Why? So That…

I had an interesting experience this week.

I interviewed for a job.

Not to change jobs, but more to add something to my already rather full plate.  But even though my plate is already quite full, when an opportunity comes up that has been on my mind for quite some time, I would be foolish not to go for it.

As I applied, I put it all in God’s hands.  Truth be told, from the moment that this particular position came to mind, I have left it in God’s hands.  Because, even though this would be a really cool thing, I know that if it isn’t in God’s plan for my life, then it will not happen.  And I will be ok with that.

To be honest, knowing that I’m doing my part to be willing, and leaving the rest up to God has given me a sense of ease and peace throughout the entire process.

So here’s the deal:

I suck at interviews.

Seriously.

Historically, I just have not been capable of presenting myself in the best way possible.  I get nervous, and even more awkward than normal.  And it’s just a flop.

I walk away feeling dejected, because deep down, I know that I just blew it.

So, to say that a great deal of prayer happened before this interview is an understatement.

My prayers basically went something like this:

God, give me the words.

And guess what?

He did!

But that’s not even close to the best part.  Because, I walked away from the interview knowing that I wasn’t the best candidate.  Not that I wouldn’t be amazing.  But I know that I am not the best candidate that they are interviewing.  I’m far from the most qualified.  I don’t have the experience.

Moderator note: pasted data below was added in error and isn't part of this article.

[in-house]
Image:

There is a 99.99% chance that I will not be getting this job.

But I walked out of that interview with a huge amount of satisfaction about my part of the interview.

And we’re finally closing in on why this was such an amazing experience…I promise.

The person who interviewed me is someone I have known nearly my entire life.  She was one of my teachers growing up.  And I have worked with her, and for her now for almost 3 years.  But even with such a long history, she didn’t know me all that well.

She laughed at the fact that she asks everyone the same questions, to keep the playing field even.  She asked me to tell her about myself.  And as soon as I started talking about myself, and some of the things that I did after high school, her jaw hit the floor.  So in asking the question that she felt foolish asking, she found out a lot more about me.  In a really good way.  She didn’t realize that I had moved half way across the country.  Or why I made the decision to move back home.

She definitely didn’t realize that one of my most memorable moments growing up came during one of her classes.

But here is the really cool thing…

We talked about my motivation for applying for this job.

Which led to my motivation for doing many of the things that I do.

And that specific motivation has been on my mind a lot lately.

Why do I do the things that I do?